Association of Defense Communities: Defense Communities 360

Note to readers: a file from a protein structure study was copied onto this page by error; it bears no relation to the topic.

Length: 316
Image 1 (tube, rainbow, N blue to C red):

The GOP likely will be forced to abandon its plan to wrap up fiscal 2017 appropriations by passing a series of “minibuses” because of the abbreviated schedule when Congress returns to Washington next week, budget experts at the Heritage Foundation said last week. Democrats oppose the idea because of the possibility that Republicans would pass one spending package for defense and other national security-related agencies, and then rely on continuing resolutions to fund the rest of the government. Lawmakers’ first priority may be negotiating an FY 2017 supplemental spending bill that includes additional funds to support U.S. military operations overseas and an equal amount for domestic needs, reported CQ Roll Call. Pentagon Comptroller Mike McCord last week said the department would request a $6 billion supplemental. Senate Armed Services Chairman John McCain, meanwhile, is calling for a much larger supplemental that invests in maintaining sufficient readiness and capacity across the “total force” necessary to sustain high operational demands on the armed forces, reported Politico. An agreement between Republicans and the White House over a supplemental may pave the way for a deal over the topline for defense spending. The administration has criticized the House’s defense appropriations bill for its reliance on $15.7 billion in overseas contingency operations account funds for base budget items — including more weapons and equipment, and higher end strength levels — not requested by DOD. A compromise resulting in a larger supplemental could bridge the gap between the two sides.

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